For the Armenians, the greatest collective pain is to stand in their national capital Yerevan and look at their most sacred symbol, Mount Ararat. It is indeed sad because Armenia is a Christian country and Mount Ararat lies just across its national border in Turkey, a Muslim country which is guilty of committing a number of genocides of Armenians over the centuries. Mount Ararat, the sacred center – the very core of their religious, national and cultural consciousness is under the control of their enemy and there seems to be no respite.
Hindus are not exactly unaware of this pain. Their most sacred mountain, Mount Kailash, the abode of Lord Shiva, now lies in Tibet, occupied by China. Mount Kailash holds the most sacred of places in Hindu hearts. Along with being the abode of Shiva it is also the earthly representation of the mythical Mount Meru. It is from here that most sacred rivers of Bharat originate. And it lies across the border in China.
A Hindu is also sad that Kailash is not in Bharat and he too wants to get it back. But of note is the fact that unlike an Armenian, he is not without any respite. He has the recourse of recreating Mount Kailash within the boundaries of Bharat. He has the power of recreating sacred geography. And this feature is not something new since it has been interwoven into the very cultural fabric of Bharat.
The Monotheists destroy sacred centers of pagans wherever they go. All that the likes of Malik Kafur, Ibrahim Lodhi, Muhammad Tughlaq etc. left behind them, was a trail of death and destruction. On the other hand, the pagan polytheists create and recreate sacred geography wherever their cultural might extends. The Hindus were masters of this. That is why their sacred symbols were recreated not just in Bharat but wherever Hindu cultural influence extended.
This fact is not lost on any practicing Hindu but it becomes all too evident on a pilgrimage, a teertha yatra. It is the teerthas, the pilgrimages of Bharat, which have culturally bounded the entire nation in a shared cultural consciousness. The teerthas are the sacred centers of this land and the Yatras connecting these sacred kshetras are the spiritual and cultural highways, weaving the rainbow of dharma in Bharat. The teerthas are everywhere. No corner of the sacred land of Bharatvarsha exists without a sacred kshetra. They consecrate every corner of Bharatvarsha leaving no piece of land non-sacred. The sacredness, like the Brahma, is all pervasive.
Temples of Himachal
Himachal Pradesh has a special place in the sacred landscape of Bharat. Though it has all kinds of temples, it is primarily a land of Shiva and Shakti. While it sports various Shakti Peethas strewn all across its hilly terrain, the very mountains are the abodes of Lord Shiva. (Nagar 1) The mountains, icy cold and forever laden with snow are the favourite haunts of Shiva.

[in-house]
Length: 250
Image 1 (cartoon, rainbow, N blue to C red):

It was on a temple trail through the mountains of Himachal that I found myself striking up a conversation about Mount Kailash with my driver. We were going from Chamba to Bharmaur, the ancient capital of the Chamba region. The Ravi River valley around Chamba is one of the most exquisite valleys of the Himalayas – so near to the Ganga Jamuna Doab and yet so secluded. The Shivalik hills completely sequestered it from the mainland Punjab. One has to climb through the tough mountains to climb down into the Chamba valley which is surrounded by the Shivaliks in the West, the Dhauladhars in the South, the Mani Mahesh range in the East and more mountain ranges in the North.
Its seclusion certainly makes it hard to visit, but it has also saved it from various medieval and modern ills. Due to its inaccessibility it remained relatively safe from Islamic invasions, as compared to Kangra, its cousin to the south of it. Even in modern times, the pollution from the plains of Punjab can’t reach the Chamba valley so easily, making for the bluer skies and cleaner air.
The road to Bharmaur is tough. We were on it for more than a couple of hours and the ancient city, lost as if in the middle ages was nearing mile by mile. We were negotiating one hairpin bend after another, clearing one cliff after other. It is a gut wrenching ride and your heart literally stops at the many turns, but as soon as you make the turn and the vista of snow laden mountains opens in front of you, you forget everything else.